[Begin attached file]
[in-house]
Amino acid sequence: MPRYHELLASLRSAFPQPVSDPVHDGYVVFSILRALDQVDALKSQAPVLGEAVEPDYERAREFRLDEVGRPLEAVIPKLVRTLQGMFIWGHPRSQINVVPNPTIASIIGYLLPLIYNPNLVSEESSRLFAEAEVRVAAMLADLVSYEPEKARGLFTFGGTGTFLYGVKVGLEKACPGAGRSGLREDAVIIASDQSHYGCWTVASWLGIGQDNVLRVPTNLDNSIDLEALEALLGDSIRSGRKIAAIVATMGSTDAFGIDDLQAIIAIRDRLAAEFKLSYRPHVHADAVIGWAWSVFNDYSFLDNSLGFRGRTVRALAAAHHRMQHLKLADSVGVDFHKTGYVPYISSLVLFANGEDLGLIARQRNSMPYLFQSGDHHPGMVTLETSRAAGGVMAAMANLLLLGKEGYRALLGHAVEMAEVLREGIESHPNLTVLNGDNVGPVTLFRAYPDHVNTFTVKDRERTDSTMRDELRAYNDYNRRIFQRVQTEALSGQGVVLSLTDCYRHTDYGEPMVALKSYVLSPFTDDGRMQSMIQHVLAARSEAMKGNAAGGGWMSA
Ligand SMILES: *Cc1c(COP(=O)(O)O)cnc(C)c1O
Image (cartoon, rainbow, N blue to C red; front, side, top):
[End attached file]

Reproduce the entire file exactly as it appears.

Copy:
[in-house]
Amino acid sequence: MPRYHELLASLRSAFPQPVSDPVHDGYVVFSILRALDQVDALKSQAPVLGEAVEPDYERAREFRLDEVGRPLEAVIPKLVRTLQGMFIWGHPRSQINVVPNPTIASIIGYLLPLIYNPNLVSEESSRLFAEAEVRVAAMLADLVSYEPEKARGLFTFGGTGTFLYGVKVGLEKACPGAGRSGLREDAVIIASDQSHYGCWTVASWLGIGQDNVLRVPTNLDNSIDLEALEALLGDSIRSGRKIAAIVATMGSTDAFGIDDLQAIIAIRDRLAAEFKLSYRPHVHADAVIGWAWSVFNDYSFLDNSLGFRGRTVRALAAAHHRMQHLKLADSVGVDFHKTGYVPYISSLVLFANGEDLGLIARQRNSMPYLFQSGDHHPGMVTLETSRAAGGVMAAMANLLLLGKEGYRALLGHAVEMAEVLREGIESHPNLTVLNGDNVGPVTLFRAYPDHVNTFTVKDRERTDSTMRDELRAYNDYNRRIFQRVQTEALSGQGVVLSLTDCYRHTDYGEPMVALKSYVLSPFTDDGRMQSMIQHVLAARSEAMKGNAAGGGWMSA
Ligand SMILES: *Cc1c(COP(=O)(O)O)cnc(C)c1O
Image (cartoon, rainbow, N blue to C red; front, side, top):